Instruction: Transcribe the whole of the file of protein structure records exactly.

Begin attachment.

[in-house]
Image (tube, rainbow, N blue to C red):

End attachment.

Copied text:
[in-house]
Image (tube, rainbow, N blue to C red):